12. The non-resonant decay of the fast magnetosonic wave during ICRH of a tokamak plasma

    International Nuclear Information System (INIS)

    Avinash, K.; Core, W.G.; Hellsten, T.; Farrell, C.M.

    1988-01-01

    The non-resonant decay of the fast magnetosonic wave into an Ion Bernstein wave and a quasi-mode is investigated from the point of view of assessing the importance of this process for the observed direct heating of the edge plasma during ion-cyclotron resonance heating (ICRH). Starting from the Maxwell-Vlasov equations, expressions for the threshold electric field and the growth rates of the decay process are obtained. For JET like parameters, the thresholds for the decay are easily exceeded and the growth time for typical fast wave electric field strengths is of the order of a microsecond. The parametric dependence of the threshold on magnetic field, temperature, the density of the various ion species, and electron-ion collisions is studied. Finally the relevance of this process to the heating of plasma edge during ICRH is discussed. (author)

  13. Effects of minority ions on the propagation of the Fast Alfven wave

    International Nuclear Information System (INIS)

    Wong, K.L.; Kristiansen, M.; Hagler, M.

    1985-01-01

    Minority ions play an important role in ICRF wave heating and fast wave current drive. The former provides supplemental heating to the plasma ions, and the latter enables a Tokamak reactor to operate in steady state. The injection of minority ions greatly perturbs the propagation and absorption properties of the fast waves provided that the excitation frequency and confining magnetic field strength make the hybrid layers exist inside the plasma. A cold-plasma slab model with gradient confining magnetic field, parabolic plasma density, vacuum layer, launching antenna and conducting walls was used in studying wave propagation with and without minority ions. The wave propagation was studied individually for each discrete toroidal eigenmode (N=Rk/sub z/). There exists an asymmetric density cutoff region which is mainly due to the density variation in a single-ion plasma. The larger the torodial mode number, the larger the density cutoff region. Therefore, there exists a maximum mode number N/sub m/, which can be excited for each operating frequency. With injection of minority ions, the cutoff region for each mode number is almost unchanged. But, if one carefully chooses the excitation frequency; the hybrid layers can exist inside the plamsa for all or part of the allowed eigenmodes. Those eigenmodes with hybrid layers inside the plasma will undergo drastic change in the propagation and absorption of the waves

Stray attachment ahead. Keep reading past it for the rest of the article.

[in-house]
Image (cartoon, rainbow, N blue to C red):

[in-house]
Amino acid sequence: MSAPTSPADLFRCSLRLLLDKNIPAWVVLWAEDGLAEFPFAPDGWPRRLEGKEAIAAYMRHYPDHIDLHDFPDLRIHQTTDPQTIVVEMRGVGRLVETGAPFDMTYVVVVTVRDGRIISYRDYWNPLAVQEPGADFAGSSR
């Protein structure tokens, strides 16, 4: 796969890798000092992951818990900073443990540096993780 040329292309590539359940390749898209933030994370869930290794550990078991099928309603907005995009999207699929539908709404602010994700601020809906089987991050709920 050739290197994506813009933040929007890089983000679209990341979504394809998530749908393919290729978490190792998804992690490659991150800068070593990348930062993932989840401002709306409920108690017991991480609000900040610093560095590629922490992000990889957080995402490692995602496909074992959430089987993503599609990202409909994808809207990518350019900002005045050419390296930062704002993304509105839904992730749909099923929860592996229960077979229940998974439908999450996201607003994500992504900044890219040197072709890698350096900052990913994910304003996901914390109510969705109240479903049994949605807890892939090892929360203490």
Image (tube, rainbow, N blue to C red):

14. Experimental and modeling analysis of fast ionization wave discharge propagation in a rectangular geometry

    International Nuclear Information System (INIS)

    Takashima, Keisuke; Adamovich, Igor V.; Xiong Zhongmin; Kushner, Mark J.; Starikovskaia, Svetlana; Czarnetzki, Uwe; Luggenhoelscher, Dirk

    2011-01-01